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Is North Korea Facing a Food Shortage?

North Korea COVID-19 Lockdowns
North Korean Propaganda. Image: Creative Commons.

North Korea may be facing the possibility of a food shortage in the near future, according to a report by the Korea Development Institute.

The institute estimates that North Korea produced roughly 4.4 million tons of grains this past year, a decrease of roughly 240,000 tons from the year before. North Korea is believed to need at least 5.75 million tons of food per year in order to feed its population, leaving the country with a potential shortage of 1.35 million tons.

North Korea’s drop-off in food production is likely the result of a combination of both natural disasters and the ongoing COVID-19 pandemic. Last year, a particularly long and heavy monsoon season saw torrential rains hit the Korean Peninsula, and associated flooding resulted in damage to nearly 40,000 hectares of crops and the destruction of roughly 17,000 homes, according to North Korean state media. A series of typhoons also ravaged the Korean Peninsula, causing further damage to homes and as well as to crops, rice paddies, and irrigation systems.

The coronavirus pandemic, meanwhile, has exacerbated the issues caused by the flooding that inundated North Korea over the summer. North Korea was one of the first countries in the world to shut its borders and enter into large-scale lockdowns following the outbreak of COVID-19, and these particularly stringent measures remain largely in place. These lockdowns have had serious repercussions for the North Korean economy, with foreign trade falling off almost entirely, including a significant reduction in North Korean grain imports.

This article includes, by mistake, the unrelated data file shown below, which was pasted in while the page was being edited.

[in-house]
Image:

Even as the pandemic continues to take a toll on the North Korean populace, the country has remained committed to the development of its strategic weapons program. A shipment of nearly two million COVID-19 vaccines as part of an international vaccine sharing program, enough to inoculate roughly 4 percent of North Korea’s 25 million people, has been delayed indefinitely.

Even prior to the pandemic and the serious of weather-related setbacks, many North Koreans faced an already perilous food security situation.

North Korean leader Kim Jong Un has recently called on North Koreans to prepare to wage “another more difficult Arduous March,” referencing the deadly 1990s famine that plagued North Korea. Russian Ambassador to North Korea Alexander Matseogra has suggested that while the DPRK faces “tough” times ahead, the country is not yet facing another famine.

During their recent summit meeting, U.S. President Joe Biden and South Korean President Moon Jae-in agreed on the need to provide humanitarian assistance to those North Koreans who need it most, but largely avoided issues related to North Korean human rights.

Satellite imagery of rail and truck terminals at the border between North Korea and China has indicated that trade between the two countries, which could involve North Korean importation of food stuffs, may pick back up again in the near future.

Written By

Eli Fuhrman is an Assistant Researcher in Korean Studies at the Center for the National Interest and a recent graduate of Georgetown University’s Security Studies Program, where he focusedd on East Asian security issues and U.S. foreign and defense policy in the region.

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